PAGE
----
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Shouldn't it be the other way round? As in the spring height being determined by the stem length? Sounds counter-intuitive to do it the other way.
In a way they influence each other so you have to find a happy medium.

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Originally Posted by Shan2nu View Post
BTW, I've read that an engine achieves peak torque when the exhaust velocity is between 240-260ft/s. So could the stroke length have an effect on this?
where??
In what way is peak torque is related to exhaust velocity.
Exhaust velocity depends on BMEP, EVO and port goemetry.

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Originally Posted by Shan2nu View Post
For example, 1kg of force acting on a 1mtr lever creates 1kgm of turning force. But 1kg of force acting on a 3mtr lever will produce 3kgm of turning force.
you/re on the right track butttttt........ there's no free lunch. The Force has to travel a longer distance (perimeter) to make the circle.

Last edited by Mpower : 29th April 2011 at 00:47.
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Old 29th April 2011, 00:46   #80
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Default Re: Power characteristics of long and short stroke engines: Cast in stone?

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Originally Posted by Mpower View Post
we're starting with an erroneous assumption but OK..

Why do say that?

My head is spinning.
I thought it was obvious. anyway,

W1=4*T1*2*pi, W2=4*T2*2*pi

if W1=W2 then put the above in here and you get T2=T1

Last edited by aah78 : 29th April 2011 at 01:53. Reason: All bold removed.
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Old 29th April 2011, 01:17   #81
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Quote:
Originally Posted by vina View Post
bearing may or may not be destroyed, but it doesn't help in getting the direction of rotation set (I mean unless the momentum of the shaft keeps it going, at TDC the crank can go either way clockise or anti clockwise).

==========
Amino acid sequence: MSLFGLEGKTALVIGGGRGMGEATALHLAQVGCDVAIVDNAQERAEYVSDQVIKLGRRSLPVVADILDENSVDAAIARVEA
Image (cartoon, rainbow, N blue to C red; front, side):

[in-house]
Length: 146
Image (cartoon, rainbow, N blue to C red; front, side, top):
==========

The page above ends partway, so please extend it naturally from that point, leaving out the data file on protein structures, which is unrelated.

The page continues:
Correct. But the same stands even for peak pressures just after TDC, say upto 10 degrees ATDC. Basically the same thing happens during pre-ignition or detonation which is why it kills an engine.

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Originally Posted by Mpower View Post
where??
In what way is peak torque is related to exhaust velocity.
Exhaust velocity depends on BMEP, EVO and port goemetry.
It's the other way round. If the exhaust velocity is exceeding those numbers, there's going to be friction and backpressure. Used to calculate exhaust pipe diameters basically. At those numbers, you have the best compromise (diameter not small enough to cause back pressure and not big enough to slow down gases and hurt scavenging)

Last edited by aah78 : 29th April 2011 at 01:54. Reason: Posts merged.
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Old 29th April 2011, 01:29   #82
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Default Re: Power characteristics of long and short stroke engines: Cast in stone?

I dont see how W1 became = W2.

Before using, lets understand where the formula came from...

W= Force x dist = F_piston x dist travelled
dist travelled = perimeter = 2pi R where R is stroke
so W=F.2.pi.R (for one cycle)

So if stroke or R is larger then Work done (positive work) per cycle is higher and for a given rpm, the power (rate of work) is also higher. F_piston comes form mass of the charge combusted which is same because displacement+VE is same for both engines.

Quote:
Originally Posted by pranavt View Post
It's the other way round. If the exhaust velocity is exceeding those numbers, there's going to be friction and backpressure. Used to calculate exhaust pipe diameters basically. At those numbers, you have the best compromise (diameter not small enough to cause back pressure and not big enough to slow down gases and hurt scavenging)
Velocity is driven by delta P and cross sec area. If its too high its means EVO is too early or port is too small and you are wasting gas energy which could have worked the piston. Of course you cannot use the same number for all engines because FIs will have much higher BMEP and therefore delta P. Agreed too low is bad for scavenging